The stark reality is that our lockdowns badly harmed the elderly for it left them confined in their nursing homes and extended the window of exposure to the virus for them. And they were subject to repeated exposure from staff who brought pathogen into the confined settings and drove the hospitalizations and deaths. Lockdowns worked to kill the elderly! Lockdowns thus reduced the movement of the younger low-risk persons to the same level of movement and mobility as the elderly higher-risk persons (basically none) and thus equalized the chance of infection between the low-risk and high-risk (young and old). This was devastating.

While we knew this and spoke of this repeatedly to inform the policy makers, they, the media, and the inept television medical experts attacked us and smeared us. Pilloried us. They, the governments and their utterly bogus scientific advisors ‘knew best’. They were so inept and academically sloppy, and refused to do the work and abreast themselves of the science and to think this through. They were lazy and either did not understand the science, did not read it, did not ‘get’ it, or were blinded to it by their cognitive dissonance of any information that did not align with their politicized views. This led to catastrophic decisions that continue even today. Again, just look at Ontario in mid-June 2021, it is as if it were February 2020.

Now look at what they have done to the globe by their hubris and arrogance and ineptness. Look around you. We were always right for we took the time and thought this through and understood the catastrophic mess the lockdowns would cause. We knew that a finessed, nuanced ‘targeted’ approach was needed here. We studied the policy implications and considered the harms from the lockdown policies. In the end, still to this day, they have failed to properly protect the elderly while damaging the well in the society with crushing lockdowns and closures. Thousands of Americans, including children, died due to suicides and deaths of despair, needlessly. The effects will be felt in some models for the rest of the 21st century. In no country, no setting, is there any evidence that lockdowns, school closures, shelter-in-place, social distancing, mass asymptomatic testing, and mask mandates worked. None! Zero! This is why the father of epidemiology and eradicator of small-pox, Dr. Donald Henderson, argued in 2006 against these devastating measures even for more lethal pathogens, for he knew of the disastrous outcomes. He did not advocate for them for he knew of the devastating consequences.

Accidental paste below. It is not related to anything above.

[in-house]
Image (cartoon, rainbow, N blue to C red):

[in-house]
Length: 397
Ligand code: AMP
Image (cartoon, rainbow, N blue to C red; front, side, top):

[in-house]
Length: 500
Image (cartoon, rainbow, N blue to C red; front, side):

What have we found out about the illogical and unscientific societal restrictions since March 2020? This is not ‘new’ data or evidence as the CDC would tend to say, for this data began emerging soon after the catastrophic lockdowns and school closures began in spring of 2020. We learnt about the catastrophic harms (consequences) and failures of lockdowns (AIER lockdowns) and principally that they do not work and are ineffective and detrimental to societies rich or poor, whereby lockdowns decimates a society as it drives desperation especially among the disenfranchised and marginalized. We learnt that school closures (AIER school closures) was and remains a catastrophic failure whereby keeping children out of the school system harms them. Many children get their only meal in the school, get their eyes and hearing tested, and the school acts as a safety valve for possible physical and/or sexual abuse. These are normally noticed from the school initially. Many children killed themselves in the west due to the school closures, and the US Task Force led by Fauci et al. wears this. Moreover, we learnt about the catastrophic harms of mask use especially for children. In addition, we learnt of the ineffectiveness of masks (blue surgical as well as cloth face-masks) (AIER masks) as well as the failure of mask mandates (especially for children who are damaged socially, emotionally, and health-wise due to the masking).

We learnt that everything that the US Task Force and other medical advisors called for and implemented (especially the British and Canadian Task Forces), was destructive and caused devastating consequences to economies and lives. Just look at the insanity Canadians are living now, 16 months in, especially in the province of Ontario. Look at the economic destruction, lost businesses, jobs, and lives. What a catastrophic mess and every single step the provincial government takes is nonsensical and unscientific and completely irrational. None have worked. Who comprises the Ontario government’s Task Force? They should have all been fired 12 months ago and all their salaries recouped. What an inept, highly incompetent, senseless bunch, a clown car out of control! Hundreds of thousands of people died not due to COVID, but as a result of the damaging restriction policies by these absurd and reckless medical experts who should all have been fired after one month of their lunacy!